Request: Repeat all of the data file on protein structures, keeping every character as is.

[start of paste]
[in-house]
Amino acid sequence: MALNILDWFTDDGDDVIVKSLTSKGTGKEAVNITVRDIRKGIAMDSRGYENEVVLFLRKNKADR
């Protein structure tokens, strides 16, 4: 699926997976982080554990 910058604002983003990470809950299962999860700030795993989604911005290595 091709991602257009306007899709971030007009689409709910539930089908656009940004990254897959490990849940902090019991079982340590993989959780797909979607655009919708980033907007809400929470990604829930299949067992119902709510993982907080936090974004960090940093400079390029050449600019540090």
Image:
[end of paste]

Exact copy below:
[in-house]
Amino acid sequence: MALNILDWFTDDGDDVIVKSLTSKGTGKEAVNITVRDIRKGIAMDSRGYENEVVLFLRKNKADR
């Protein structure tokens, strides 16, 4: 699926997976982080554990 910058604002983003990470809950299962999860700030795993989604911005290595 091709991602257009306007899709971030007009689409709910539930089908656009940004990254897959490990849940902090019991079982340590993989959780797909979607655009919708980033907007809400929470990604829930299949067992119902709510993982907080936090974004960090940093400079390029050449600019540090």
Image: